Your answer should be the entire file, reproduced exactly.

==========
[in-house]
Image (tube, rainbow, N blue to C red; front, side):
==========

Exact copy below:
[in-house]
Image (tube, rainbow, N blue to C red; front, side):